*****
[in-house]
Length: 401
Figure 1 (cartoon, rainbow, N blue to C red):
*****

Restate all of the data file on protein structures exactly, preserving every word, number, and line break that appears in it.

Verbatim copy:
[in-house]
Length: 401
Figure 1 (cartoon, rainbow, N blue to C red):